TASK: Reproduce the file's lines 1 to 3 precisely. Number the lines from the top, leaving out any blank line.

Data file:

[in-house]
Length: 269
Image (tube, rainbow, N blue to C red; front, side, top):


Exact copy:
[in-house]
Length: 269
Image (tube, rainbow, N blue to C red; front, side, top):